What could be easier to mock than statues of Confederate soldiers who LOST a war?

Indeed, Confederate General Stonewall Jackson was shot by one of his own soldiers and died just days later.

This was a bloody horrific F-Troop before living color television.

Has the Left lost all creativity?

Can the Left only move in the direction of thought control?

We are told that most of the Confederate statues were not erected in the aftermath of the Civil War but during the Jim Crow period as a way to intimidate blacks.

Well, gee, how did that intimidation work out?

If the Left was creative and not fully obsessed with thought control, they would leave the damn Confederate statues alone and buy small parcels of land in the South and put up their own statues.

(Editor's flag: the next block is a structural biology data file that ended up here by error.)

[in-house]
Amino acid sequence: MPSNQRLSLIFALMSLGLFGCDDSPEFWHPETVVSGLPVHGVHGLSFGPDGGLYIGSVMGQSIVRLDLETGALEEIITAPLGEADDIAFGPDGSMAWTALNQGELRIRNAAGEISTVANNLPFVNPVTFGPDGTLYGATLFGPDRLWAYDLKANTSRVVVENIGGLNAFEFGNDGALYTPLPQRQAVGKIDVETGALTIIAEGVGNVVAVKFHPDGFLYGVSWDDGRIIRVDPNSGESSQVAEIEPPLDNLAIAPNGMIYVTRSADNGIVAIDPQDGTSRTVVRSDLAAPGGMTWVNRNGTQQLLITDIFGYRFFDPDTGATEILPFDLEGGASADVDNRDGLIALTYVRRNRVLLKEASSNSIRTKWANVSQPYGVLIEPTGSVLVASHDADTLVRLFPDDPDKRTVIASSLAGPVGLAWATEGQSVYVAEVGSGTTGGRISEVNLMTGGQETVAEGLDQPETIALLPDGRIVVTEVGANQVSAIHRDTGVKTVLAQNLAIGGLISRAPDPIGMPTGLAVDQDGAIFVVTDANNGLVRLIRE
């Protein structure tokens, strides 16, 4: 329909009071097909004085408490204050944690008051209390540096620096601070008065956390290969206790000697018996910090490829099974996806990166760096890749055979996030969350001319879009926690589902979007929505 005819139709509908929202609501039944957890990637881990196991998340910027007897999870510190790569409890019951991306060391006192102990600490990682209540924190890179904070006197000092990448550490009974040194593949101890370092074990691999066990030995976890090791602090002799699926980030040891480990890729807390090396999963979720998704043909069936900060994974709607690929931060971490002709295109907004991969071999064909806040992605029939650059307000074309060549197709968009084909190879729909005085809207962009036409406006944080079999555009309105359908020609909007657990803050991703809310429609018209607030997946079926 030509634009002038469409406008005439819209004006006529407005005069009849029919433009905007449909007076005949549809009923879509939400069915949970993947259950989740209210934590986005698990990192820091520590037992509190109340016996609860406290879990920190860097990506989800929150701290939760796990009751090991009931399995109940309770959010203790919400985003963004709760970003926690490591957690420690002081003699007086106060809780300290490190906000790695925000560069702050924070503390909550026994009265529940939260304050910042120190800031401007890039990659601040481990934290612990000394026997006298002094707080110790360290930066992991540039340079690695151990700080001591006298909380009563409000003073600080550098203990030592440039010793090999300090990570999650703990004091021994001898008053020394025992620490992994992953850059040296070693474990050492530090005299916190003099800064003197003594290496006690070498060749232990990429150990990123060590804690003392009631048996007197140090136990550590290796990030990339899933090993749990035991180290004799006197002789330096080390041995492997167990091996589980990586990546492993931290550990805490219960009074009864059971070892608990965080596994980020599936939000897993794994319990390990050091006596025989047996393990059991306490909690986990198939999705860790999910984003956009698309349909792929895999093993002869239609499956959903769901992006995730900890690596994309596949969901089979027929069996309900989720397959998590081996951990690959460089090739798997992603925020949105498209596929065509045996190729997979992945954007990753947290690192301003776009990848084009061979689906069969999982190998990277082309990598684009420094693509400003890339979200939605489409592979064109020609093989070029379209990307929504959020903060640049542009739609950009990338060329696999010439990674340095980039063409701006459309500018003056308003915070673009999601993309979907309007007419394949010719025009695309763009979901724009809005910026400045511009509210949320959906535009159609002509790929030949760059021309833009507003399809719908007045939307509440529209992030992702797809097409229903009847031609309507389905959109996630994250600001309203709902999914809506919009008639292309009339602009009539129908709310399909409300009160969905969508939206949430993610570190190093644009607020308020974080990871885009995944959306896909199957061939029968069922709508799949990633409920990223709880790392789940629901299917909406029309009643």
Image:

How about one of Michael Jackson doing the moonwalk on Lee's coffin?

And maybe one of Tina Turner on Jackson's coffin?

The tear down the Confederate statue call of the Left is just plain confusing/

They want the statues torn down because of the slavery in the south and the Confederate support of that slavery.  But to be anti-slavery (a good thing) is about freeing men from control by other men.

There is nothing good about control, be it thought or physical. by others. And, yet, the teardown the Confederate statue effort is about control of imagery (thought). And, I point out again, quite wacky imagery since the Confederates lost the war. Who the hell puts up statues to losers?

Perhaps the Left can put up even another statue. A Confederate soldier shooting by accident Stonewall Jackson, with a tiny-fingered Trump holding a megaphone to the side shouting at them "Losers!'

It appears to me that the Left in calling for the removal of these statues is more in line with the tactics of Confederate generals than they understand.

We are told, for example, that Lee was a great military tactician but that he may have lost the war because of weak strategy.

Dan Zeiser writes: